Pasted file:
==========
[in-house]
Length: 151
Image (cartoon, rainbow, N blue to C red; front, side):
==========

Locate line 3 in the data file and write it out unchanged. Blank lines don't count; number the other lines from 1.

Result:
Image (cartoon, rainbow, N blue to C red; front, side):